PORTLAND WINTER FARMERS’ MARKET
by Jenn Thompson
Looking for fresh greens in the cold of winter?
Maine is home to some of the most innovative farmers in the world, and fresh greens are available year-round. Winter greens, often grown in unheated hoop-houses, are especially flavorful this time of year. These greens produce extra sugars this time of year that makes them frost resistant. Also, the extra sugar lends these delicate winter varieties an unparalleled sweetness. You can find an abundance of kale, spinach, salad greens, swiss chard, pea shoots and tatsoi. If you are not well versed in preparing tatsoi, or are not aware of its unrivalled ability to enhance your cooking skills, ask Dominic at Two Farmers Farm for some advice. Prepare to be hooked.
Farmers also haul in a variety of storage crops each week, including winter squashes, sweet potatoes, leeks, onions, garlic, turnips, parsnips, cabbage, purple potatoes, red potatoes and more potatoes. Strike up a conversation with Jan at Goranson Farm or Meg at Southpaw Farm to learn which varieties of potatoes are better baked and which are better fried, or mashed. When carrot shopping, you can choose between yellow, orange and even purple in color. Or, my favorite, choose the ones that are purple on the outside and orange in the middle. Whose chili would not benefit from some unexpected multi-colored discs?
Cheese and honey, anyone?
Kennebec Cheesery and Tourmaline Hill Farm supply the Market with a variety of goat cheeses, as well as goat milk, goat yogurt, goat keifer and cajeta. A variety of soft, hard and aged cow cheeses can be found at Swallowtail and Balfour Farms, as well as milk and cultured butter. Beef, pork, goat and poultry are available, and all from happy, healthy and local animals. Thirty Acre brings a spread of fermented goods ranging from sauerkraut to beet kvass to hot sauce, and their many concoctions are often available to sample. Other market staples include eggs, apples, dried beans, cider, mushrooms from North Spore, honey from Tom’s Honey, and wood-fired fresh baked bread from Good Shepard’s Farm (my personal favorite is sourdough chaga bread, made from Maine-grown wheat).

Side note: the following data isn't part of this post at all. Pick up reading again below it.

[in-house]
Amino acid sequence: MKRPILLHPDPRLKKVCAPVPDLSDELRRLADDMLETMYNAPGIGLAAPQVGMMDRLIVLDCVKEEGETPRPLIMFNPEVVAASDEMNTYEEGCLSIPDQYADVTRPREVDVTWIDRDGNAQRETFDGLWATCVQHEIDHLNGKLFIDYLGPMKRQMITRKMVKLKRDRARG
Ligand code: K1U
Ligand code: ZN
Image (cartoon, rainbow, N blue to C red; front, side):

Clara can help you.
Speak with Clara at the market’s Information Booth. She can help you use your debit, credit or SNAP card to purchase wooden tokens to give to the farmers. The optional $1 donation per transaction supports the Market’s Low Income Access Program.
Consider signing up to become a “friend of the market” and make a yearly donation to the program. You can help make healthy local food accessible to everyone in our community. Everyone should have the option to shop and eat locally. We can all play a role in making the Portland Farmers’ Market a place where all our neighbors can shop.
Jenn is the Portland Buy Local Executive Director. To learn more visit portlandbuylocal.org.